This new bison hunt is controversial, but I see as necessary in the short run because of the continued winter feeding of elk in Wyoming, which by default also means feeding bison in the winter. It is controversial because it is hardly a hunt. It is a herd reduction measure.

The Yellowstone bison are not fed and leave the Park looking for food, and the herd is largely self-regulating. The Jackson Hole bison are limited only by summer range, having plenty of artificial feed during the winter. As a result, Grand Teton National Park has an excess of bison, and the herd just keeps on growing. The Jackson Hole bison have little winter mortality, and they are increasingly taking over the valley floor in Jackson Hole and damaging wildlife habitat.

Everyone should note that while Montana livestock politicians are seemingly always in a panic if bison leave Yellowstone Park, suposedly because of the brucellosis infection in the herds, Wyoming livestock politicians are much more interested in keeping the winter feedlots open even though that perpetuates a brucellosis disease rate far higher than in Yellowstone Park.

Once again, the bison issue and problems are really problems spawned by the livestock industry’s insistence on being first in line in the Yellowstone region.

Here is the story in the Jackson Hole News and Guide. By Corey Hatch.

About The Author

Ralph Maughan

Dr. Ralph Maughan is professor emeritus of political science at Idaho State University. He was a Western Watersheds Project Board Member off and on for many years, and was also its President for several years. For a long time he produced Ralph Maughan's Wolf Report. He was a founder of the Greater Yellowstone Coalition. He and Jackie Johnson Maughan wrote three editions of "Hiking Idaho." He also wrote "Beyond the Tetons" and "Backpacking Wyoming's Teton and Washakie Wilderness." He created and is the administrator of The Wildlife News.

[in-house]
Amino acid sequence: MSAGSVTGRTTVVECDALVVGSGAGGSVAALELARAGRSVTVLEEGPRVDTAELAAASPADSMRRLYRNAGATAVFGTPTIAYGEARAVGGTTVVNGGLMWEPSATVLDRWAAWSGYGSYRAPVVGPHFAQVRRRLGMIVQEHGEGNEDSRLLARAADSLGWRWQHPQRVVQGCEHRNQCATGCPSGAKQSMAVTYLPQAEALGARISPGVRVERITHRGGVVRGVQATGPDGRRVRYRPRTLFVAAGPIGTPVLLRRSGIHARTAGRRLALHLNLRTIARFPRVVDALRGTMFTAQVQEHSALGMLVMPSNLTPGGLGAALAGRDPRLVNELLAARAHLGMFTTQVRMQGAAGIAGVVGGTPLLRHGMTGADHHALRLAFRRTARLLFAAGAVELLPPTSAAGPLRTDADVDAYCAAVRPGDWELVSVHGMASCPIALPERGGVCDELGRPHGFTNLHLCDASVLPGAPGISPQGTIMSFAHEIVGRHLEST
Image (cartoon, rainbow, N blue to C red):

6 Responses to Bison hunt begins in National Elk Refuge

  1. kim kaiser says:

    i read the article in the JH news the other day,,, it said somethin to the effect that bison are the culprit in bruscilosos,,, but then i read that cattle were the actual carriers and bison got it from them….and the writer made it sound like it was all the bisons doing, that they brought the diease to cattle,,,,,,it was a bit disconcerting as to how it was written… i would have thought JH paper a bit more sympatheic,,, btw,,,, who did bring in brusiclosis

  2. Brucellosis is not a native (endemic disease). It has long been a disease of cattle and other domestic animals.

    It came to Yellowstone sometime in the early 20th Century when milk cows were brought in to provide milk for tourists and/or to supplement what they thought were the insufficient rations for the tiny bison population struggling against extinction.

    Cattle gave the disease to Yellowstone Park bison, bison gave it to elk, but all of the crossback to cattle in the Greater Yellowstone has come from elk, except in the recent Montana case, unknown, but probably elk.